Northrop CEO Tells of Defense Cost Woes
Defense contractors bear a significant share of the blame for cost overruns in major U.S. weapons programs, said Ronald D. Sugar, chairman and chief executive of Century City-based Northrop Grumman Corp.
The government’s estimates and expectations may often be unrealistic but the industry’s performance also is often poor, Sugar on Wednesday told an independent panel that the Pentagon appointed to review the U.S. military’s weapons-buying programs in an effort to cut costs.
“We’re a big part of the problem,” Sugar said when asked by the panel’s chairman, retired Air Force Lt. Gen. Ronald Kadish, about the industry’s overall accountability for overruns.
“The significant accountability on our part for overruns” traces to “a failing to do what we said we would do and being too optimistic going into it,” Sugar said in a telephone conference call with the panel, which is composed of former Pentagon acquisition officials.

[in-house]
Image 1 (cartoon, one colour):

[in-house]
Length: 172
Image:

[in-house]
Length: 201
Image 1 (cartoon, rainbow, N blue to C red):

Gordon R. England, acting deputy secretary of Defense, created the panel after repeatedly hearing complaints about cost growth from members of the Senate Armed Services Committee during his nomination hearing in June.
The panel is one month into a six-month review that aims to recommend changes to the Pentagon’s acquisition process. Sugar’s remarks will be factored in along with those of executives from Lockheed Martin Corp., Raytheon Co., General Dynamics Corp., BAE Systems North America and L-3 Communications Holdings Inc.